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Separating the artist from their art

Words by Mercia Tucker

“Can you separate an artist from their art?” is an old question but is still a relevant one. That there exists in the world a bond stronger than an exceptional artist’s with his art, I’m not convinced. A birthing doesn’t seem an adequate descriptor. It doesn’t quite capture that, unlike with human childbearing; this particular offspring is of you, not from you. It doesn’t relay its immortality; a work of art can last millennia. The process is also not quite as short-lived as nine months; they say you live your whole life to make your first album.

Sometimes writing is a kind of dismemberment, a taking apart of yourself and laying it out again in prose or poetry. The process is so self-exploratory that it seems difficult to imagine that the words dancing on the pages, that took flight to a progression of keys or the thumping of 808s, aren’t a representation of the artist at his core. And because the art itself is so untarnished, so perfect in its presentation and interpretation, people often see it as an incarnation of the artist and project that same perfection onto him. How could such amazing work be the product of a broken person?

What usually draws us to any piece of art, and revere it, is the way in which we relate to the piece. Be it a film, painting, or a song, we relate to it in the way that it mirrors some or other characteristic of our personality. We see ourselves in it. We cure our heartbreak to their guitar strums, pick apart our insecurities to their mournful lyrics. Because of this, we’re invested in the art, and by association, the artist.

When confronted with artists’ very real and repugnant flaws, we’re forced to now create the clear line separating artist and offspring. Because if Artist A is a social deviant, and his music is a representation of himself, and I relate to his music, what does that make me? Because of our emotional attachment to their work, we tend to hold on to it without confronting the actions of its creator. It’s a way that we’ve avoided difficult conversations around accountability in creative spaces and allowed abuse to continue unchecked.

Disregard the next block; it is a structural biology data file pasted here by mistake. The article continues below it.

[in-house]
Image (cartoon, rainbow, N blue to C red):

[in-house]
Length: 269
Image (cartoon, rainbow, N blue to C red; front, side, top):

There’s an unspoken, but thoroughly abhorrent, notion that good art excuses abuse. A big part of it is the culture of celebrity hero worship that society indulges in. We hold in high regard a select few as outliers because of their talent and refusal to kick the pedestal out from under their feet to ground them when they mess up. We need to rid ourselves of it. Nobody is above reproach with regards to abuse but the tendency to sweep under the rug the more questionable actions from our favourite artists gives credence to that notion.

“We love Michael so much we let the first kid slide … Hey man, the man made Billie Jean, leave him alone!” An old Chris Rock joke, but still an accurate reflection of society’s reverence for him with nary an interrogatory thought on the accusations. The long list of accusations against R. Kelly hasn’t so much as begged the question ‘Are the lyrics I don’t see nothing wrong with a little bump n’ grind actually referencing sex with a teenage girl? Is it that far of an imaginative stretch for the writer of Age Aint Nothing but a Number?’